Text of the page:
Posted by: Jack Henry | February 26, 2019

Editor’s Corner: Emojis

Recently, several people have brought up emojis as an Editor’s Corner topic. In the past, I’ve avoided them because they are pictures rather than words. Additionally, since this is a business, we try to project a certain amount of seriousness when communicating with the world outside. But we also like to have a little fun, and when you spend your day in email and instant messages and on the phone, sometimes it’s nice to see a smile while you’re reading. Emojis can add a little extra “oomph” to your conversation.

And here’s the other reason I’m talking about emoji’s today: the almost sacred Chicago Manual of Style discussed them in their monthly Q&A! That’s like getting permission from your parents to watch an R-rated movie when you aren’t 17 yet! Yes, excitement abounds!

According to Merriam-Webster, an emoji is “any of various small images, symbols, or icons used in text fields in electronic communication (as in text messages, e-mail, and social media) to express the emotional attitude of the writer, convey information succinctly, communicate a message playfully without using words, etc.”

The word is from the Japanese words for picture (e) + character (moji).

Now, before you start getting emoji crazy, here are some rules and good advice from Entrepreneur magazine’s website. These are the bare bones, but you can read the full article here.

  1. Keep the situation in mind. Before flooding your message with emojis, carefully consider the situation, the person who will receive it, and the tone of your business communications.
  2. Practice discretion. Regardless of the situation, emojis should never be used to totally replace actual words; they are only meant to add a bit of emotion to your message.
  3. Use only emojis you understand. When in doubt, leave them out.
  4. Don’t use emojis with a potential client. It’s not wise to use emojis if you are trying to establish a new relationship with a client or colleague. Use actual words instead. Again, keep it professional.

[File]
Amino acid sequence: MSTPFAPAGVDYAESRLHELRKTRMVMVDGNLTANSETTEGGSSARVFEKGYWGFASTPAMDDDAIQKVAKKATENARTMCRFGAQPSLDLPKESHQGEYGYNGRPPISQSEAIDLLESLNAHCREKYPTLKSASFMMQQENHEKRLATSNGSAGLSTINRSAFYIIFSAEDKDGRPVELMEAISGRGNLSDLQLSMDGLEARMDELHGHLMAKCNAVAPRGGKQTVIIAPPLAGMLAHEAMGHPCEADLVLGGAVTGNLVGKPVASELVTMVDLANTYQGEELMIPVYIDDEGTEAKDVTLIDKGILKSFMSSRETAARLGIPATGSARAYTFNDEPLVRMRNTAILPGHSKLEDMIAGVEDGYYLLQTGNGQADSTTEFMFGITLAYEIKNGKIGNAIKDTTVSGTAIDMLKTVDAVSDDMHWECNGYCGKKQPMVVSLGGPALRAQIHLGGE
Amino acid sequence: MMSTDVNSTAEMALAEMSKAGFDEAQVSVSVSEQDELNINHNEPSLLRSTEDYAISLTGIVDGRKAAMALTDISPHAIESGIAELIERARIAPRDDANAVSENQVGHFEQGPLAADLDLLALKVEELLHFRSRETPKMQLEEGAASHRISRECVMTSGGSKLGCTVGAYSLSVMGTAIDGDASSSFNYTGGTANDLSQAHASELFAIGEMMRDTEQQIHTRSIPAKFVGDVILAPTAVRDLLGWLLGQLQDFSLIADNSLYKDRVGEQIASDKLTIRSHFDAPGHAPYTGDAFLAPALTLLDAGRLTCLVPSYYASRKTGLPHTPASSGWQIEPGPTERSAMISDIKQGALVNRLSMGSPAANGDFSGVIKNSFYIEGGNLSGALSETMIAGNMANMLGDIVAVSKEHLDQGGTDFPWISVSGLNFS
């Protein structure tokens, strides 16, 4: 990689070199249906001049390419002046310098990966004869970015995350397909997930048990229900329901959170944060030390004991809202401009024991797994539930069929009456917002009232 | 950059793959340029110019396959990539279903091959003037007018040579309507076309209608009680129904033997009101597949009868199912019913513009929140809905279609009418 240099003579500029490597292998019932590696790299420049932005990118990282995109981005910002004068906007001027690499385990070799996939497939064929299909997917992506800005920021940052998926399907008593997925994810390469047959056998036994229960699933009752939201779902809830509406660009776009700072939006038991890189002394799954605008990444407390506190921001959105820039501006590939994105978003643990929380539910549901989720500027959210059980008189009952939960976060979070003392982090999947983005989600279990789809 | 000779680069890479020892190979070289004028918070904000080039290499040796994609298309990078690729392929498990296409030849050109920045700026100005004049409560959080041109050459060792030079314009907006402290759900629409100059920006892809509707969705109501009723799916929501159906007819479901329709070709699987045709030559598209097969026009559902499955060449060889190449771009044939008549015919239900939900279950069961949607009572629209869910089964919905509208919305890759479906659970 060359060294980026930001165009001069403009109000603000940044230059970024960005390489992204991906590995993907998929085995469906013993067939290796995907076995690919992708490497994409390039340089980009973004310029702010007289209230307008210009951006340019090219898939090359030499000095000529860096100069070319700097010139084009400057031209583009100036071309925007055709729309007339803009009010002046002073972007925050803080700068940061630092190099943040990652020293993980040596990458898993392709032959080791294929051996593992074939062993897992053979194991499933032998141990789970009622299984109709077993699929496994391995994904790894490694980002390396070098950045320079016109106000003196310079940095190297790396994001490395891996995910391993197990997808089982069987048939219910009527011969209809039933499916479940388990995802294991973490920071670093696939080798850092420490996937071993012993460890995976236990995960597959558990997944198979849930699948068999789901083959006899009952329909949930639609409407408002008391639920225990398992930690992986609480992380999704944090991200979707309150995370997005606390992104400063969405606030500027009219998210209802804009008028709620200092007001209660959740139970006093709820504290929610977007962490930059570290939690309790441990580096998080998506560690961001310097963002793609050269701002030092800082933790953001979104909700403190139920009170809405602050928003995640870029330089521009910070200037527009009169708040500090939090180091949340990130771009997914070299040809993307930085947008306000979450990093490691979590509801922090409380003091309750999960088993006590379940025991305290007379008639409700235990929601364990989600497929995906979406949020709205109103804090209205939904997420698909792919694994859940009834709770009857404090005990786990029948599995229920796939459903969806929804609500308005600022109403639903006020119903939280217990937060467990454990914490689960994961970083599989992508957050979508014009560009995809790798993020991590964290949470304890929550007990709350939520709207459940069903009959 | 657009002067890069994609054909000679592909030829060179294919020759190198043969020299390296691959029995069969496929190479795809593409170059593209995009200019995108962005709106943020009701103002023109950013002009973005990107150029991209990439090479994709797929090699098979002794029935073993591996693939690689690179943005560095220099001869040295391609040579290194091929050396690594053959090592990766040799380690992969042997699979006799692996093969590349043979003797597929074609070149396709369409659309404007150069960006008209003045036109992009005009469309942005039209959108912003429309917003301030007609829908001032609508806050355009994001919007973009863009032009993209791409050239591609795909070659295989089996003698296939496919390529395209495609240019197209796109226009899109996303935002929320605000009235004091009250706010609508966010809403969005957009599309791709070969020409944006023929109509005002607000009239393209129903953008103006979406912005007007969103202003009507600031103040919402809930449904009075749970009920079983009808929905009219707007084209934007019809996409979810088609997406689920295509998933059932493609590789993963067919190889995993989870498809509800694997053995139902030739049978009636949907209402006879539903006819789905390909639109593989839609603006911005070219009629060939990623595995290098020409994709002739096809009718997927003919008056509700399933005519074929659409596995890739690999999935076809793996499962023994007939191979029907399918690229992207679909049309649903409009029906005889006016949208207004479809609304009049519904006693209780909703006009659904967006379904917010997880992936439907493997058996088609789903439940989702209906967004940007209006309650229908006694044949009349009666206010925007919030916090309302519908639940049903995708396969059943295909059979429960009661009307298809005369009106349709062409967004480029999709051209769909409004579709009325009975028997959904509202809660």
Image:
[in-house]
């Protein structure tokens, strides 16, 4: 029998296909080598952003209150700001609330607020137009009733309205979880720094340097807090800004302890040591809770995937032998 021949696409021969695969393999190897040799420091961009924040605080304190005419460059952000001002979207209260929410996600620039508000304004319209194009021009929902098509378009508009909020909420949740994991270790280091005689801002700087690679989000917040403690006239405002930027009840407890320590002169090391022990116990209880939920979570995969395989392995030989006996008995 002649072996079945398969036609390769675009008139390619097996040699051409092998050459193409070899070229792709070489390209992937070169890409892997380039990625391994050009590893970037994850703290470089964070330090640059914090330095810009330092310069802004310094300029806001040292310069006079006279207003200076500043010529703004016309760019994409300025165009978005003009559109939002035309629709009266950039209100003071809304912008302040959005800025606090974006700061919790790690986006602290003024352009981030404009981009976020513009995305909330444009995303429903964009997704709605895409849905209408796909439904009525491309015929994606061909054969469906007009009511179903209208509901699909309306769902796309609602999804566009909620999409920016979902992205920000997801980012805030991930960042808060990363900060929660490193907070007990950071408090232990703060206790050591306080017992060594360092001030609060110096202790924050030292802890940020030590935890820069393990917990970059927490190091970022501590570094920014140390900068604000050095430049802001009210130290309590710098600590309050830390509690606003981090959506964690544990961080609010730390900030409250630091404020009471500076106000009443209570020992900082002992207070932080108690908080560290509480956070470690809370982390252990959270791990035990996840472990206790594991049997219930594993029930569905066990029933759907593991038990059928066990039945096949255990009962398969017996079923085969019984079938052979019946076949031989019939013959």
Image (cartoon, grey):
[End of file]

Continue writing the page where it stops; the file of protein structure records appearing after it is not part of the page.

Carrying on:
5. Consider emojis like slang. Co-workers build a language of their own that includes industry jargon and casual slang, and using emojis is like using slang words. Emojis work best in casual conversations.

Okay, time for a look at the CMOS Q&A, which deals with using emojis and punctuation.

Q. Where does an emoji go in a sentence? Before or after the period? ✏️ Having a tough time deciding 🤔.

A. An emoji that applies to a sentence as a whole might logically follow the period or other terminal punctuation. Let’s coin a term and call this a sentence emoji. 😉 Then, by a similar logic, emoji applying to a word or a phrase could immediately follow that word or phrase, before any mark of punctuation 🔍, like that. Emoji standing in for words, like this picture of a 🐈—well, you get the idea. But if you’re texting? Most of this logic goes out the window (along with the punctuation). Love your emoji btw!

And here are two tips for those of you who may not be very familiar with emojis, like me:

  • To find out what different emojis mean, check out Emojipedia.
  • To see a list of emojis while you are in the text area of Microsoft® Outlook® or Word, click the Windows® key and the period. A menu appears with various emojis.

Have a great day! 🌞

Kara Church

Technical Editor, Advisory

Symitar Documentation Services

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